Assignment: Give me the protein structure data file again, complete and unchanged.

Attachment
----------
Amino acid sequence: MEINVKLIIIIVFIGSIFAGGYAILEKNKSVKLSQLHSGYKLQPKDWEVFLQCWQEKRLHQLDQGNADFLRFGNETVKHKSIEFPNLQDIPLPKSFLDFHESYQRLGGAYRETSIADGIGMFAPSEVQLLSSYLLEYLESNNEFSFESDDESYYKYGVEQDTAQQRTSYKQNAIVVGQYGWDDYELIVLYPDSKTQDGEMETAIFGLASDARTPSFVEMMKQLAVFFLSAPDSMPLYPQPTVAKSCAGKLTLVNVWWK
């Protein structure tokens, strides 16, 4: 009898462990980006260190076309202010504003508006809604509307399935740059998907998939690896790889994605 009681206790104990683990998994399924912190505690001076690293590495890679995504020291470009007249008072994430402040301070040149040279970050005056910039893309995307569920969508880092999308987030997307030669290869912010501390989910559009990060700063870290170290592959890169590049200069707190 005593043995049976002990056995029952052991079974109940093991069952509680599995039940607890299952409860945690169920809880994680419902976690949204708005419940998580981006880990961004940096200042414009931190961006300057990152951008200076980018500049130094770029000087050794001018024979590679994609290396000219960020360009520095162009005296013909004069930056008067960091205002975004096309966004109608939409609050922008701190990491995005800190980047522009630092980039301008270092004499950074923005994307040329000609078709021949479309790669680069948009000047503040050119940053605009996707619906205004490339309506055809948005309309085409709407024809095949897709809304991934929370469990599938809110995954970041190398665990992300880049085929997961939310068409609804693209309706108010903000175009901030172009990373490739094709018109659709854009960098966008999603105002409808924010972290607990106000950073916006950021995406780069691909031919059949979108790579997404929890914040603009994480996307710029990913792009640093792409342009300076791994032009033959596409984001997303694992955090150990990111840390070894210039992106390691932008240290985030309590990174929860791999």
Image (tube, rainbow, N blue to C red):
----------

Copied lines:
Amino acid sequence: MEINVKLIIIIVFIGSIFAGGYAILEKNKSVKLSQLHSGYKLQPKDWEVFLQCWQEKRLHQLDQGNADFLRFGNETVKHKSIEFPNLQDIPLPKSFLDFHESYQRLGGAYRETSIADGIGMFAPSEVQLLSSYLLEYLESNNEFSFESDDESYYKYGVEQDTAQQRTSYKQNAIVVGQYGWDDYELIVLYPDSKTQDGEMETAIFGLASDARTPSFVEMMKQLAVFFLSAPDSMPLYPQPTVAKSCAGKLTLVNVWWK
């Protein structure tokens, strides 16, 4: 009898462990980006260190076309202010504003508006809604509307399935740059998907998939690896790889994605 009681206790104990683990998994399924912190505690001076690293590495890679995504020291470009007249008072994430402040301070040149040279970050005056910039893309995307569920969508880092999308987030997307030669290869912010501390989910559009990060700063870290170290592959890169590049200069707190 005593043995049976002990056995029952052991079974109940093991069952509680599995039940607890299952409860945690169920809880994680419902976690949204708005419940998580981006880990961004940096200042414009931190961006300057990152951008200076980018500049130094770029000087050794001018024979590679994609290396000219960020360009520095162009005296013909004069930056008067960091205002975004096309966004109608939409609050922008701190990491995005800190980047522009630092980039301008270092004499950074923005994307040329000609078709021949479309790669680069948009000047503040050119940053605009996707619906205004490339309506055809948005309309085409709407024809095949897709809304991934929370469990599938809110995954970041190398665990992300880049085929997961939310068409609804693209309706108010903000175009901030172009990373490739094709018109659709854009960098966008999603105002409808924010972290607990106000950073916006950021995406780069691909031919059949979108790579997404929890914040603009994480996307710029990913792009640093792409342009300076791994032009033959596409984001997303694992955090150990990111840390070894210039992106390691932008240290985030309590990174929860791999």
Image (tube, rainbow, N blue to C red):